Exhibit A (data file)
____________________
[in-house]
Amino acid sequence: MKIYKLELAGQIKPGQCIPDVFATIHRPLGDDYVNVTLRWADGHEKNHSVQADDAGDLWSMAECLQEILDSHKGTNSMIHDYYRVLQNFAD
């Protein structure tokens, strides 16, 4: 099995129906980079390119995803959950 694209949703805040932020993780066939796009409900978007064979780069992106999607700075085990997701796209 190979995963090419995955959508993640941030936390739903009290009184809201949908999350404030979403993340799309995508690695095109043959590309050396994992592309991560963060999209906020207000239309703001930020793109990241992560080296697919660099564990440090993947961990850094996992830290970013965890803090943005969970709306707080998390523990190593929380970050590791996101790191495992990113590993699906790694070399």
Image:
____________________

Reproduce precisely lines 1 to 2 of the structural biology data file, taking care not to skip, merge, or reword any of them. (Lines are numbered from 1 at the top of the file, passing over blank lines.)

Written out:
[in-house]
Amino acid sequence: MKIYKLELAGQIKPGQCIPDVFATIHRPLGDDYVNVTLRWADGHEKNHSVQADDAGDLWSMAECLQEILDSHKGTNSMIHDYYRVLQNFAD